One of the most common questions at Baselworld 2013 was "what is up with the blue and brown color scheme of the new Rolex Daytona?" It was a fair question. Rather than present a totally new Daytona as many people were expecting (something that Rolex themselves found amusing) for the iconic model's 50th anniversary, Rolex released a solid platinum version of the existing Daytona watch with an "ice blue" dial matched with a brown ceramic bezel and chronograph subdials (Rolex Daytona ref. 116506). What was that all about?
Some people found the new colors to be audacious, and others felt it bodacious. Personally? I sort of secretly loved it. Rolex claimed that blue is a color they match with platinum. It also happens to be a color they match with 18k white gold as well as steel. But true enough, a lot of their platinum watches (think Yacht-Master and Day-Date) have icy blue dials. Brown, on the other hand, in ceramic is a new color for Rolex. In addition to the first ever bi-colored ceramic bezel on the new GMT-Master II Day/Night, the brown colored ceramic bezel on this new Daytona is a fresh thing for 2013.
I personally think Rolex paired brown with this particular shade of blue because of Paul Newman. Now, of course, Paul Newman is an important guy for Rolex because of the famed "Paul Newman Daytona." One of the most celebrated Daytona models around, the Paul Newman Daytona is a sweetheart at auctions. Rather than recreate a Paul Newman Daytona dial (again), Rolex paid homage to the late actor's famous blue eyes. In his youth he had brown hair, and for me the blue and brown dial mixes well with the imagery many people have when they think of Paul Newman in his earlier days. Even as an old man, Newman's face was marked by his striking blue eyes.
At 40mm wide, the Cosmograph Daytona is a medium sized watch, and among the smaller sport chronographs out there. Nevertheless, in solid platinum (with a bracelet) this is among the heaviest watches I have ever worn. Platinum is not exactly my favorite luxury metal, but I can certainly appreciate why people like it. While it does have a distinct color, I prefer 18k white gold if you must have your precious metal more or less "steel colored." Platinum is heavy, hard to machine, easily scratched, and rare. People love platinum perhaps because of its quirks and rarity. Its weight is also one of the classic signals of a fine watch, where heft was a sign of good metal.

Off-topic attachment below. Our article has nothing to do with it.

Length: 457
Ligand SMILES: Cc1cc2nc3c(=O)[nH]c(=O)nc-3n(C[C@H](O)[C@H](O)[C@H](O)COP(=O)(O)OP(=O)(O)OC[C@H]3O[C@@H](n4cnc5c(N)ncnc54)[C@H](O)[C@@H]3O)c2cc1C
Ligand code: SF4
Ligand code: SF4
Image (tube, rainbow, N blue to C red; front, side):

Little "inside Rolex" tip that I had to learn myself recently (thanks Rolex): there is a special way to tell if a Rolex watch is a platinum model. You need to look at the crown. Under the Rolex crown logo are three small dots. On models which are in platinum, the two outer dots are sized larger than the middle dot. This is probably very common knowledge among Rolexophiles, but I wasn't privy to this little fact until now.
In platinum, the Daytona is rendered just as you would expect. The lines are smooth where there are curves, and sharp where angled. Once again, Rolex metallurgy and machining show their prowess. The Daytona bracelet has a polished center link and case. Polished platinum has a lovely quality that is often more milky than it is reflective. Though it does pick up fingerprints easily. The Daytona has a great deployant clasp and comfortable bracelet. It is not uncommon for people to buy Rolex watches for their bracelets alone (as they aren't sold separately, ever).
How do I feel about brown ceramic? It is fine. Brands are working very hard on trying to get more colors out of ceramic. So far other than white, light colors don't look very good - being blotchy and washed out. Right now darker colors such as black, blue, and brown look decent in ceramic. I really look forward to seeing more ceramic colors soon. We all know that Rolex is investing heavily into ceramic, so perhaps they will succeed where others have failed.
Rolex released the very first Daytona models with a ceramic bezel two years ago. It was a black ceramic bezel, and ironically one of them was matched to a "chocolate" brown dial. But this 2013 model has the first ever brown ceramic bezel. It is a deep brown, and in the right light it would look black. The metallic ice blue dial is beautiful, and I agree that from an aesthetic standpoint it matches brown much better than black. Though I bet it would look nice with a blue ceramic bezel. Think of that: platinum case, deep blue bezel and light blue dial. You could even put it on a blue alligator strap. That would look classy...
Anyhow, the chronograph subdials are framed in a perfectly matching brown tone, and this Daytona dial has stick-style hour indicators. There is just that hint of red in the Daytona label on the dial. As always the dial looks great - legible and beautiful. So strange in a way to have a sport watch in all platinum. But the Daytona is as much a sport watch as the Submariner is a watch only used by the professional diver.
Inside the Rolex Daytona is the in-house made Rolex caliber 4130 automatic chronograph movement - and it is COSC Chronometer certified. The rear of the case - like all Rolex watches - is totally blank. The blue and brown color scheme of the 116506 Daytona may be an acquired taste but I like it. The same way I liked the green dialed Submariner - and some people did not. Remember that this solid platinum Daytona is Rolex's salute to the 50th anniversary of the Daytona in 2013. In a way it makes sense that they did not totally overhaul the Daytona this year, even though the model is certainly due for an evolution. Perhaps this is how the current generation Daytona will welcome in a new model next year or sometime soon. Price for the Rolex Cosmograph Daytona 116506 is 71,500 Swiss Francs. rolex.com